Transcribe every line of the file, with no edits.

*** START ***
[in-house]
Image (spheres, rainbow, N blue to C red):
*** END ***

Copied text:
[in-house]
Image (spheres, rainbow, N blue to C red):